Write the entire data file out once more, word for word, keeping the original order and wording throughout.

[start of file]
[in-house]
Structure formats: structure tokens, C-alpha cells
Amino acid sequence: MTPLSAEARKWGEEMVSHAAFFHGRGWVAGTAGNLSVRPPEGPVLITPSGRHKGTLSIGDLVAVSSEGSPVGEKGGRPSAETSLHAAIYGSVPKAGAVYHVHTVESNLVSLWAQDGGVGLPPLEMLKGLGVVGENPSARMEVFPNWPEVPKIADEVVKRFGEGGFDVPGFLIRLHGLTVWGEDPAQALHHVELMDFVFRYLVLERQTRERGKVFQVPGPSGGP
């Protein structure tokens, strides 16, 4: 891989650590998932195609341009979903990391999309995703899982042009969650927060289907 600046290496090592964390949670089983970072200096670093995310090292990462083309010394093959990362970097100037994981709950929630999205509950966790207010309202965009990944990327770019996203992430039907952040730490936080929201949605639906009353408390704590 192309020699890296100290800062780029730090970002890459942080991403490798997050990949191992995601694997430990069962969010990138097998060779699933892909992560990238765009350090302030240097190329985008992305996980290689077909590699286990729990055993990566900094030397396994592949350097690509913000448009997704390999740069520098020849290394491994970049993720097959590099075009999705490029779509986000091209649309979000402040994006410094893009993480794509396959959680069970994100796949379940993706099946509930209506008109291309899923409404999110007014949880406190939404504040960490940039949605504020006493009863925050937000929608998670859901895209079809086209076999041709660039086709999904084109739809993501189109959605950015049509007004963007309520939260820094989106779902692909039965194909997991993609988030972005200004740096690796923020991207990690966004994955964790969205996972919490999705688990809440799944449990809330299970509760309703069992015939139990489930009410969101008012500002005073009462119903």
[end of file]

[in-house]
Structure formats: structure tokens, C-alpha cells
Amino acid sequence: MTPLSAEARKWGEEMVSHAAFFHGRGWVAGTAGNLSVRPPEGPVLITPSGRHKGTLSIGDLVAVSSEGSPVGEKGGRPSAETSLHAAIYGSVPKAGAVYHVHTVESNLVSLWAQDGGVGLPPLEMLKGLGVVGENPSARMEVFPNWPEVPKIADEVVKRFGEGGFDVPGFLIRLHGLTVWGEDPAQALHHVELMDFVFRYLVLERQTRERGKVFQVPGPSGGP
């Protein structure tokens, strides 16, 4: 891989650590998932195609341009979903990391999309995703899982042009969650927060289907 600046290496090592964390949670089983970072200096670093995310090292990462083309010394093959990362970097100037994981709950929630999205509950966790207010309202965009990944990327770019996203992430039907952040730490936080929201949605639906009353408390704590 192309020699890296100290800062780029730090970002890459942080991403490798997050990949191992995601694997430990069962969010990138097998060779699933892909992560990238765009350090302030240097190329985008992305996980290689077909590699286990729990055993990566900094030397396994592949350097690509913000448009997704390999740069520098020849290394491994970049993720097959590099075009999705490029779509986000091209649309979000402040994006410094893009993480794509396959959680069970994100796949379940993706099946509930209506008109291309899923409404999110007014949880406190939404504040960490940039949605504020006493009863925050937000929608998670859901895209079809086209076999041709660039086709999904084109739809993501189109959605950015049509007004963007309520939260820094989106779902692909039965194909997991993609988030972005200004740096690796923020991207990690966004994955964790969205996972919490999705688990809440799944449990809330299970509760309703069992015939139990489930009410969101008012500002005073009462119903």